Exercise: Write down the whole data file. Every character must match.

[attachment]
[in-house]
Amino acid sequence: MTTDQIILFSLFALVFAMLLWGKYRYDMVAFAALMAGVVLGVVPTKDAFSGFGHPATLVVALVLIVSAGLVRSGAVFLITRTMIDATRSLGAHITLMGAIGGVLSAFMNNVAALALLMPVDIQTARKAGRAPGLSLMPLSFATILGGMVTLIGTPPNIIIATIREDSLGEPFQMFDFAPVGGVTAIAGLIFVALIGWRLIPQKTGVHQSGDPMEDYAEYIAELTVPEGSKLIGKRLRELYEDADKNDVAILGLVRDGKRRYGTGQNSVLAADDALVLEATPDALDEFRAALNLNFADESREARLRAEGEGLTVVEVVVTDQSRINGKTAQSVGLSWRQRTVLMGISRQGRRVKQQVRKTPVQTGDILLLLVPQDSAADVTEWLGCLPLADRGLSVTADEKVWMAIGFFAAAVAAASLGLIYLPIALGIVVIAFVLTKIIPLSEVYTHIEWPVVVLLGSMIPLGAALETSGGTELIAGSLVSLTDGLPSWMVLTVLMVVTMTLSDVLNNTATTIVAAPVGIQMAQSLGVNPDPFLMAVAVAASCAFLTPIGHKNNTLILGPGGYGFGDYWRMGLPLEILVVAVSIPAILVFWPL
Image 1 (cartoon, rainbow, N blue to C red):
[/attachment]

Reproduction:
[in-house]
Amino acid sequence: MTTDQIILFSLFALVFAMLLWGKYRYDMVAFAALMAGVVLGVVPTKDAFSGFGHPATLVVALVLIVSAGLVRSGAVFLITRTMIDATRSLGAHITLMGAIGGVLSAFMNNVAALALLMPVDIQTARKAGRAPGLSLMPLSFATILGGMVTLIGTPPNIIIATIREDSLGEPFQMFDFAPVGGVTAIAGLIFVALIGWRLIPQKTGVHQSGDPMEDYAEYIAELTVPEGSKLIGKRLRELYEDADKNDVAILGLVRDGKRRYGTGQNSVLAADDALVLEATPDALDEFRAALNLNFADESREARLRAEGEGLTVVEVVVTDQSRINGKTAQSVGLSWRQRTVLMGISRQGRRVKQQVRKTPVQTGDILLLLVPQDSAADVTEWLGCLPLADRGLSVTADEKVWMAIGFFAAAVAAASLGLIYLPIALGIVVIAFVLTKIIPLSEVYTHIEWPVVVLLGSMIPLGAALETSGGTELIAGSLVSLTDGLPSWMVLTVLMVVTMTLSDVLNNTATTIVAAPVGIQMAQSLGVNPDPFLMAVAVAASCAFLTPIGHKNNTLILGPGGYGFGDYWRMGLPLEILVVAVSIPAILVFWPL
Image 1 (cartoon, rainbow, N blue to C red):